Sunday, October 22

UCLA center helps train international medical staff

Stephen Sheridan filmed as the 14-year old Iraqi boy entered an air force hospital in Balad, Iraq with his left arm nearly severed off. The boy had multiple shrapnel wounds, and chunks of his left thigh were missing.

Sheridan videotaped the boy from arrival to recovery, sneaking him ice cream occasionally.

When the boy survived, the doctors called him worthy of the record books, but others Sheridan filmed were not so fortunate.

Soldiers with ravaged torsos and unceasing infections. Bodies with their intestines visible on the operating table. Gashes streaked across children’s faces.

Over the course of six weeks, Sheridan and his assistant captured 100 hours of such scenes as part of an educational DVD program meant to help doctors transition from civilian to combat casualty care, said Koren Bertolli, program producer .

Created through a grant from the Department of Defense, the DVD contains live emergency room footage, hundreds of pages of medical text and various tutorials.

Professor Eric Savitsky, editor in chief of the program, teaches emergency medicine at UCLA, and also formed the Center for International Medicine with Bertolli.

Bertolli said the center, which opened in 2002, creates multimedia-training materials for international health care providers.

In 2007, the two joined with Cheryl Hein to form Pelagique, a company that uses technology at the university to create usable products, Bertolli said.

Savitsky had the medical expertise, Hein had the engineering knowledge and Bertolli had a background in media production.

“(The combat-care program) was the perfect job for the company,” Bertolli said. “It made a lot of sense.”

She added that one of the hardest parts of the project was securing the footage, which was facilitated by Craig Goolsby, an emergency physician who completed his residency at UCLA before deployment in Iraq.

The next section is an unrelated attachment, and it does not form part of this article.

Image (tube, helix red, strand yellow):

Goolsby facilitated the long process of army protocol necessary to send Sheridan to Iraq, where he lived and filmed for weeks at Air Force Theater Hospital in Balad, Bertolli said.

“It was like going to the moon,” Sheridan said. “You never knew what to expect. Some things got as gory as you could imagine.”

Along with the DVD, Pelagique created the prototype of a computer ultrasound simulator, which negates the need for a user to have an in-person instructor, a real ultrasound machine or patients to practice on.

“The idea behind the simulator is to provide a means of education for people at home or in the workplace,” Bertolli said. “It’s a program you load onto your (computer), and what you get is a virtual body and an ultrasound probe, and as you manipulate a physical probe, it moves the one on the screen.”

According to Bertolli, Pelagique should have a commercial version by the end of the year, so anyone can buy the simulator.

The DVD was released at a military medicine conference in August before an audience of 1,000 people, Bertolli said. The military now distributes it internally to armed forces medical personnel.

“We hope above else that it will provide important information to people who are deploying … and in preparing medical staff who are about to deploy with tools they need, so they can hit the ground running,” Bertolli said.

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